Last year we got over 120 submissions.  We’re also planning to release a new Fling (Proactive DRS) at VMworld that was built based on last year’s winning winning idea.

 The 2013 VMware Fling Contest URL is: https://flingcontest.vmware.com

The contest will remain open for submissions through November 15.

Get notification of these blogs postings and more VMware Storage information by following me on Twitter: @VMwareStorage

Announcing vSphere with Operations Management 5.5 – Increasing Performance and Availability for Your Business Critical Applications

We’re excited to announce the release of VMware vSphere with Operations Management 5.5!

Back in March 2013, we launched vSphere with Operations Management as our next iteration of the vSphere platform. Watching our customers struggle with managing capacity through the old-school method of spreadsheets convinced us that by adding a single pane of glass that provides visibility into workload capacity and health to our flagship virtualization platform, we would make our customers’ virtualization journey much smoother.

This 5.5 release offers several enhancements, all related to helping our customers 1) deliver better performance and availability for business critical apps and 2) support next-gen workloads (Big Data anyone?). These enhancements include:

  • Greater Scalability – Configurations have doubled from previous limits when it comes to physical CPUs, memory and NUMA nodes. Virtual disk files also now scale up to 64TBs.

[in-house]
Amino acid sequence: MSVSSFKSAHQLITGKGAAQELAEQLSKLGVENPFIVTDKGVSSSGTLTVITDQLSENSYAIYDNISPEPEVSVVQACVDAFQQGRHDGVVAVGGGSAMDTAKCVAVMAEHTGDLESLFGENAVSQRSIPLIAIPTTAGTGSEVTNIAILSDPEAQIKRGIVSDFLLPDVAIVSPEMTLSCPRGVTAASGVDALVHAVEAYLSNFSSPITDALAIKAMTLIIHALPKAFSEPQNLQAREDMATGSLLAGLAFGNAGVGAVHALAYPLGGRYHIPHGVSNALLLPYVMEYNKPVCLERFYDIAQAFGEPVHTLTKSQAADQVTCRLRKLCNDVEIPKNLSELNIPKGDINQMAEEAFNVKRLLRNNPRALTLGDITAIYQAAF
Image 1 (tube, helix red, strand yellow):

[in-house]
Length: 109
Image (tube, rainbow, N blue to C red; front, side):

• vSphere Customization for Low Latency Applications – vSphere with Operations Management can be tuned to deliver the best performance for low latency applications, such as in-memory databases
  • vSphere Flash Read Cache – Server side flash can now be virtualized to provide a high performance read cache layer that dramatically lowers application latency.
  • vSphere App HA – This new level of availability enables vSphere with Operations Management to detect and recover from application or operating system failure.
  • vSphere Big Data Extensions – Apache Hadoop workloads can now run on vSphere with Operations Management to achieve higher utilization, reliability and agility.

To learn more, check out our official page.
If you’re at VMworld, don’t forget to:

  • Play with the product at our VMworld Hands-On Labs (Moscone South – Esplanade Level)
  • Hear how our customers are using vSphere with Operations Management at VMworld Session VSVC4686 on Wednesday, August 28th at 1 pm PT.
  • Learn about pricing/packaging at VMworld Session VSVC1002-GD on Monday, August 26th at 1 pm PT.
  • Caption: Big Data workloads are now supported on vSphere with Operations Management 5.5.

Virtual Machine Backups and Snapshots

Based on information received from VMware Support, one of the most common reasons a support request (SR) for a backup issue is opened stems from virtual machine (VM) snapshots. The majority of backup and recovery solutions utilize the vSphere APIs for Data Protection (VADP), which leverages VM snapshots to perform backups. However, if a VM has one or more existing snapshots, this can cause backup failures. Many solutions handle this gracefully. Others provide nice, descriptive warnings like the one from vSphere Data Protection (VDP) shown below and, unfortunately, there are a few products that do not provide clear indication of why there was a failure.